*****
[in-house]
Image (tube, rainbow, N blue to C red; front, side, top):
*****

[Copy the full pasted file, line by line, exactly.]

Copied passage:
[in-house]
Image (tube, rainbow, N blue to C red; front, side, top):